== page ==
Reference:   Introduction to Algorithms, Cormen, Leiserson, Rivest & Stein, McGraw Hill. The second edition (2001) will be on reserve at SERC, with errata here. The 3rd (2009), is optional for this course.

    Required work:  Assigned reading; working on handouts and exercises suggested in lectures; keeping your own class notes; weekly or biweekly homework problem sets and pop quizzes, two midterms and a final exam. Come to lectures prepared to participate in class. HW assignments are mathematically oriented and involve derivations of mathematical equations, proofs, and running time analyses of algorithms. HW submissions are by these HW rules, and require individual work.
    N.B.: Experience shows that students who stay engaged, keep up with the suggested or assigned reading, follow up on the practice problems suggested in lectures, participate in class, and diligently do the assigned homework spread over a few days, do quite well in this course. Remember: Cramming for tests is a losing strategy!


    Dates ( University Key Dates)
  • Lectures: Sep 4,11,18,25;                Oct 2, 9(MT1), 16, 23 30;
                       Nov 6, 13(MT2), 27 ;          Dec 4,11 (last class).
  • Midterm I (1,2) Oct 9, 12:00-12:45, at SEC-218. Closed books/notes. (Optional cheat sheet: 2/3 of one side of an 8.5X11" sheet of your own, legibly handwritten notes. No makeups.
  • Midterm II (incremental) (2) TUESDAY, Nov 13, 12:00-12:45 at SEC-218. Closed books/notes). (Optional cheat sheet: 1 and 1/3 sides of an 8.5X11" sheet of your own, legibly handwritten notes). No makeups.
  • Final (cumulative): (3) THURSDAY, Dec 20, 8:00-11:00 am at SEC-218. Closed books/notes). (Optional cheat sheet: both sides of an 8.5X11" sheet). No makeups.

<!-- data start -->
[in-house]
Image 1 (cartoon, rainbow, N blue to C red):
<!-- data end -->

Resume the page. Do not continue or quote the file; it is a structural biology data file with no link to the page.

Grading guideline(0) :   0.15 (HW & Quizzes) + max {   0.25 MT1 + 0.25 MT2 + 0.35 FIN,   0.35 MT2 + 0.50 FIN }.
    (Attendance and class participation are also considered).
     

    (0) How to efficiently resolve grading issues
    (1) Do not miss the early HW and Midterm 1 so that you may gauge your progress versus the norm early on, assess how you might improve your standing in class, or, even consider taking a "W" for the course in order to concentrate on your other commitments (double-check deadlines at University Key Dates).
    (2) A missed HW, quizz or midterm draws zero credit. Important HW rules.
    (3) A missed final exam draws zero credit.   (Medical emergencies will be considered upon submitting a University-issued written verification to the Instructor; for assistance contact your Dean's Office. Also, follow the Final Exams Scheduling Conflicts Resolution procedure, when such cases arise).

    On Academic Integrity Required reading!    On handling emails .     Frequently check your sakai for all timely class admin announcements and details.

    Other Useful links:
  • Rutgers Health Services, general page.
  • RU (most) Academics links
  • RU Academic Calendar (also see key dates). Here's a ( standard 2012 U.S. calendar).
  • RU NB Registrar's Office links
  • ( University Key Dates)
  • Registrar's main page
  • Standard periods
  • Campus status info (weather, cancelletion of classes, etc.)
  • University-wide Fall 20121 Final Exam Schedules.
  • Online schedule of classes.
  • CS Undergraduate program information.
  • Undergraduate LCSR Web Page, accounts, etc.